No, I’m not going to recommend a GPS for biking setup like the one at left. But suffice it to say, I do spend a lot of time biking with various GPS units. And whether you are a road biker or a mountain biker, there’s a GPS that will work well for you, and you only need one on your handlebars! Either type of cyclist will have special needs, so let’s take a look at the options for each:
GPS for road biking
The lower level Garmin Edge series is comprised of cyclometer-type GPS receivers. All of them have high-sensitivity chipsets for superior satellite reception in urban canyons and under canopy. While they are excellent cyclometers, they aren’t all that great as navigation devices (more on navigation options below). If you are primarily wanting to track your performance though, they can be an excellent choice.
A new model is the Garmin Edge 200 (seen at right), which is a basic cyclometer, though you don’t have to calibrate wheel size or mess with wires (yay!), plus you can upload your tracks to online maps and see where you’ve been and get some basic stats.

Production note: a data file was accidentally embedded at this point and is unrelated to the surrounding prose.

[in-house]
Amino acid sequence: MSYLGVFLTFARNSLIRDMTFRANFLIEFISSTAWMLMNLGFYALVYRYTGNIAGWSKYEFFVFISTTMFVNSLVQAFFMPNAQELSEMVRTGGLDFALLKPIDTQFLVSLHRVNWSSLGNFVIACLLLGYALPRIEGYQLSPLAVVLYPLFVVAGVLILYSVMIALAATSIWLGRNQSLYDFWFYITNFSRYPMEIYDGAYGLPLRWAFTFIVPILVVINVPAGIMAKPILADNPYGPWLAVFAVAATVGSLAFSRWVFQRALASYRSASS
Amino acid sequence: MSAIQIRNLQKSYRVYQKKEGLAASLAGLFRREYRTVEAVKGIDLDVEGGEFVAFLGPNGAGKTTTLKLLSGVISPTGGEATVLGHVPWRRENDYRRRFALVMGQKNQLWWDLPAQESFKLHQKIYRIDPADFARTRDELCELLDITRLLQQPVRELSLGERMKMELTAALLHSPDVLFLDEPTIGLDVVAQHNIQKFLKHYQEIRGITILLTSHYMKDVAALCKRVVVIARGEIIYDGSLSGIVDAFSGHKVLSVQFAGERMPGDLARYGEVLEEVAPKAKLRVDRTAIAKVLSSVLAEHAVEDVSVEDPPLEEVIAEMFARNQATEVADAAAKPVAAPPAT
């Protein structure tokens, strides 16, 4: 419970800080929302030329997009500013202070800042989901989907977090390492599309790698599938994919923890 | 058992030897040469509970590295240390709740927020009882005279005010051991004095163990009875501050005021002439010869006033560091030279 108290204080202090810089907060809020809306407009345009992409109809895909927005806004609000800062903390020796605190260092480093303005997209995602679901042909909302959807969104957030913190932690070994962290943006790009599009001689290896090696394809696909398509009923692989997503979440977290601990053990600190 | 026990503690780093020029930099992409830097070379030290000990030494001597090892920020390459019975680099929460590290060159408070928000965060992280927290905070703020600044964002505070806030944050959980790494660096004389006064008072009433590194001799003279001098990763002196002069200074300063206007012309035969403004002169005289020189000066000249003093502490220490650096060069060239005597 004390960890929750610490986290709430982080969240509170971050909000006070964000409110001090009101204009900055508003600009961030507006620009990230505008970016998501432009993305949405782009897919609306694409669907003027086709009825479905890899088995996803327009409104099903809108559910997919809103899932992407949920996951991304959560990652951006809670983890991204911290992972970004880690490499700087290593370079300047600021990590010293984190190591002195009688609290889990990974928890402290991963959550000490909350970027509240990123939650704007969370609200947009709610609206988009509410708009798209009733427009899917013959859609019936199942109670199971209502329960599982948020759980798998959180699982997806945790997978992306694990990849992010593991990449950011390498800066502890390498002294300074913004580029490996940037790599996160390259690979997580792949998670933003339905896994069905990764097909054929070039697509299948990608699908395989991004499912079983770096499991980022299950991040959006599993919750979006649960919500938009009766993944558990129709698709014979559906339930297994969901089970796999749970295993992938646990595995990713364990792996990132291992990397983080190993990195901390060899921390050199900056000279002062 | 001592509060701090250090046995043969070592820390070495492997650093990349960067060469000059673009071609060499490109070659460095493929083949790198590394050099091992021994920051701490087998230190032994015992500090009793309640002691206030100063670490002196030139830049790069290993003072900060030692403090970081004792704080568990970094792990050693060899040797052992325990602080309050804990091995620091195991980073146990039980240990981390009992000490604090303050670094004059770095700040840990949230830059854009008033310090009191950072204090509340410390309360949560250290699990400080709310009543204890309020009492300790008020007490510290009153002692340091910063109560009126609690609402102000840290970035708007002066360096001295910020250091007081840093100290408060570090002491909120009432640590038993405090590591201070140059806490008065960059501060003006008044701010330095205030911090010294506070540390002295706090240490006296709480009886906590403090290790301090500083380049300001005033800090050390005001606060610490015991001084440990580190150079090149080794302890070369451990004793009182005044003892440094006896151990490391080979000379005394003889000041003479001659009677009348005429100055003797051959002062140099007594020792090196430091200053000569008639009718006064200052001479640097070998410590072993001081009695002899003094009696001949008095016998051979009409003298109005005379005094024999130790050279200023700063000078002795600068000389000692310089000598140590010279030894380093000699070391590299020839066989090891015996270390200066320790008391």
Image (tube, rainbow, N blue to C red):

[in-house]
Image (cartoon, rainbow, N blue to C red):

The Edge 500 adds a barometric altimeter and lets you add a heart rate monitor.
Models with turn-by-turn routing
If you want something for navigating the roads you’re riding, you’ll probably want a GPS with turn-by-turn navigation. Several Edges offer this capability. The newest model is the Garmin Edge 800 (shown at left), which brings a touch screen interface and extensive mapping capabilities to the Edge series. The previous generation includes the Garmin Edge 605 and Edge 705, the first models with color screens and mapping capability (maps purchased separately).
GPS for mountain biking
If you want something that is primarily a training partner, the Edge series (described above) is a great choice. But most mountain bikers getting a GPS will want one that has better backcountry navigation features. Here are my top choices:
- The Garmin GPSMAP 62s (at right) has all the latest features, such as advanced track navigation, and the ability to add Garmin custom maps or BirdsEye aerial imagery. I prefer it to touch screen models such as the Garmin Oregon 450 simply because it’s easier to operate (and change screens) on the fly.
- The DeLorme PN-60w / inReach combo is a special case. Used together, these devices allow for two-way communication with the outside world, even where there is no cell signal. If you venture far off the beaten track, or go it alone, this one is hard to pass up.
- Don’t want to spend as much? Consider the new Garmin eTrex 20, which brings a bevy of new features to a low-cost unit.
And no matter which unit you end up with, remember that there are plenty of free topo maps available for Garmin mapping units.